Moral values ‘forced out by exams’

The Press Association (via the Mail) is reporting a new study that suggests children are failing to develop important values like courage, fairness and gratitude at school due to a relentless focus on exams and results…

It argues that “moral character” is being squeezed out of modern day education, leaving youngsters without key qualities they will need for the future…

The new study, by Birmingham University’s Jubilee Centre for Character and Virtues, involved over 10,000 students and 255 teachers completing surveys and taking part in interviews.

Researchers found that eight in 10 teachers believe that a focus on academic attainment in their school is hindering the development of pupils’ characters.

“The majority claimed that exams have become so pervasive in schools that they have crowded out other educational goods,” the study said.

Pupils taking part in the research were asked to say how they would respond to a series of moral dilemmas, such as a talent young gymnast feeling uncomfortable that her coach is using the good looks of the girls on the team to gain them media attention, and give reasons for their choices. The scenarios all required values such as honest, courage and self-discipline.

Many students appeared to approach the dilemmas from a self-interest perspective, the report concluded…

Professor James Arthur, director of the Jubilee Centre, said: ” While it has been hugely encouraging to see both major political parties in Britain back the need for character education in recent months, more needs to be done to empower teachers to achieve what they came into teaching to do: to develop the whole child”…

More at: Moral values ‘forced out by exams’


You can download the report from the University of Birmingham’s Jubilee Centre at: The Good Teacher – Understanding virtues in practice


Do you agree with the central issue here that teachers want to teach character virtues but are not given enough time to do so? Should more space in the timetable be made available for it?


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Categories: Teaching.


  1. andylutwyche

    SchoolsImprove Yet another example of “teachers have been saying this for years” expensive research study. It will be ignored by MPs though

  2. andylutwyche

    SchoolsImprove Data obsession doesn’t just give students/teachers sleepless nights, it’ll eventually affect entirety of society negatively

  3. No need to teach character. Children would develop as balanced human beings naturally if allowed to but constant adult management of their lives puts barriers in the way.
    Children have always developed naturally through actively playing for hours and hours every day throughout childhood, but these days few schools (and even fewer home environments) now offer what all children need in order to develop socially, emotionally, cognitively, creatively or physically.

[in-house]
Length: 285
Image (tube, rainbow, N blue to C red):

The situation can be easily addressed with some pretty obvious changes but who really cares enough to put a bit of effort in and make it right? I know of maybe 300 primary and secondary schools who have made the necessary efforts, and the pupils they now raise can be clearly seen as ‘competent’ young people. 
    These children are not just well behaved, they are also self-aware, healthy and display all the characteristics this government says it wants all children to have.

    We now have a large percentage of children who are several years behind in their development (compared with 30 years ago). For some reason the last couple of generations have decided they know better than previously, and it now turns out they were wrong but instead of going back to what we all know worked, we now see all sorts of daft attempts (many of them funded by this government in desperation) to fix a problem of the last two generations’ own making.

    The fact is that these days, children’s ability to develop resilience, team skills, self-confidence, etc. are restricted by constant adult interference in their lives. There is a bizarre new attitude that children must be constantly occupied by ‘meaningful’ activities and the freedom to choose, to try and to fail have been taken away. No child is allowed to learn from their mistakes, through slightly hurting themselves or through experiment, trial and error any more.

    We’ve taken all the real experiential learning out of childhood, replaced it with remoteness and isolation and then we wonder why many young people turn out socially damaged, overweight and allegedly ‘unemployable’. It isn’t rocket science to fix, but who really wants to admit they’ve got it wrong this past 20-30 years?

  4. Nor_edu

    SchoolsImprove nephew sd his grammar schl tchrs told them thy were entering them for iGCSE because it was easier to teach to test/cheat!!!

  5. Busy Mum

    How can children be expected to understand what ‘moral character’ means when moral relativism is rampant throughout society?
    How can schools teach this when nobody can even agree on what constitutes morality?
    Self-interest is the outcome of the current PSHE syllabus – learning songs like ‘1,2,3 it’s good to be me’ and being told they can all achieve whatever they want in life means children are largely detached from reality and totally confused; the focus on building ‘self-esteem’ means children are less and less ‘accepting’ of themselves and others and the world in general.
    Learn from history – true British grit existed well before nationalised education did!

  6. Johnthe14th

    SchoolsImprove Gov’t has expunged Christian teaching & assembly from our schools so now we are seeing a “moral values” problem. No kidding.

  7. FionaTipper

    SchoolsImprove I think this generation of teens is the most morally aware and emotionally intelligent I have ever met.

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